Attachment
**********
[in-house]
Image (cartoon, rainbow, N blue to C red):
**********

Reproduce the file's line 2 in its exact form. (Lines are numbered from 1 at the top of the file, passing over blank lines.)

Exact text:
Image (cartoon, rainbow, N blue to C red):